When it comes time to consider purchasing a home, many things go into the decision-making process. Most people will need to take out a mortgage to make the purchase as it will typically be a significant investment. One thing to plan for is the down payment required to close the loan and purchase the home. Depending on the type of loan, that amount of money could range from nothing required up to 20% of the home purchase price.
Some loans require Private Mortgage Insurance (PMI) which protects the lender in case of a borrower default. A rule of thumb is that if the borrower will have less than 20% invested in the home at closing, then they will probably have to pay PMI. Those payments are usually included in the monthly mortgage payment, but can be removed as an obligation once equity reaches the equivalent of 20% Loan to Value Ratio. The borrower can get this increase in equity either through paying down the mortgage, an increase in the home’s value, or a combination of both. So the value of targeting a 20% down payment should not be overlooked.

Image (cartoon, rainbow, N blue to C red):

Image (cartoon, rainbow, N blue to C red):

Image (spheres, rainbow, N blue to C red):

What about not having nearly 20% to put down for the home purchase? First, do not despair. This lack of money for a down payment is not unusual, particularly for a first time home buyer. So what should the prospective buyer do? Money may typically be obtained via a gift, borrowing from a retirement account (with some restrictions), choosing a loan program such as offered by the FHA (which only require a 3.5% down payment if the credit score is at least 580), or maybe even working a part-time job. There are other be other programs, such as first time home buyer loans, and other options that could be available for the borrower. Working with a knowledgeable mortgage advisor to help guide the process for great options and outcomes makes good sense.